A couple of days ago we received a letter from our apartment's building management stating that we were in violation of our lease. My heart sank, what exactly did we do? Well, in a word, nothing. Our lease was due for renewal at the end of March, and it was stated in the letter that each tenant needs to renew next year's lease at least 60 days in advance. Really? 60 days? Geez, I didn't need to give that much time when we moved in.
We have been thinking about moving for some time. About one week into moving into our apartment, we discovered that there was second hand smoke coming from the neighbor's unit, a significant level. The guy next door smokes all day. I can even tell you his smoking pattern, it's heaviest at 10pm at night and at 7am in the morning, I'm guessing he smokes 3 or 4 packs per day, and he likes to smoke with his windows tightly shut. If you walk into his apartment, you'll quickly notice that the walls have yellowed from the accumulated hours, days, and years of smoking. Now, imagine living with someone like that. It's unbearable, especially in heat of summer when the humidity magnifies the problem.
Building management claims that they have done all that they can to seal our apartment, but surprisingly, given the strong language in our lease about second hand smoke, they have been very reluctant to move us or him to a new unit. So we've been in search of a new apartment. I started looking for a new apartment shortly after the new year.
Apartment searching in New York is an adventure unlike in any other city I know. Layered upon the time and effort it takes to schedule appointments, and to run around town, you must work with a real estate broker. Some reliable, many not, and some with very interesting personalities. All charge a fee that can run from couple hundred to a couple thousand dollars, if they find you an apartment. While the introduction of Craig's List has introduced some transparency, many rental buildings in New York still do not allow access unless you work with a broker. I know because I was woefully rejected door after door when I thought I could simply show up and see any vacant units, and even when I tried to set up appointments over the phone I was simply given a broker's number, who did not call me back half of the time.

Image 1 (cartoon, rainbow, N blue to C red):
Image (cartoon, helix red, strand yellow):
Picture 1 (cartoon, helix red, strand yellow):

The first broker we spoke with in January, scheduled a time to meet the following day at 11am. And after spending half an hour schlepping myself down and across town in the freezing snow, she didn't show up. I waited and waited. I called the broker multiple times, each call ignored. Ay-yaiii-yaiii! I know utterly annoying and completely inconsiderate, but unfortunately not uncommon.
After trying to schedule additional appointments with other brokers, I quickly learned that none of the brokers want to work with you unless you are ready to sign a lease relatively soon, we were 45 days too early. The situation of not knowing where we'll live in the 60 days simply made me nervous. I'm just not accustomed to saying, "Okay, I'm going to definitely move out in 60 days." But at the same time have no idea where we're going. What if I changed my mind two weeks before the lease is up? I have a feeling they would just tell me tough luck.
So it is now three weeks before our lease is up, and we still do not know whether we are moving or not. We've spent quite a bit of time and energy looking at apartments, many which are unfinished and ask that we imagine their potential. It's a bit maddening, New York is ridiculously expensive, and we're not getting very much for it. You might laugh, but I was ecstatic about finding one apartment that had 100 sq. feet over what we currently have, space is such a precious commodity in New York, and a one bedroom apartment in midtown typically runs between $3,000-3,500 a month. That's probably someone's mortgage, and for us it's something that evaporates into thin air at the end of each month.
Times like these make me wish we were back in San Francisco or 99% of anywhere else in the world. For now we might move, or we might stay put and tolerate the second hand smoke for another year. So for the next three weeks my posts will continue to be a bit erratic - apologies! Hopefully, it will be because we found a good place that to call home.
Out of extreme curiosity, would you tolerate second hand smoke in your home?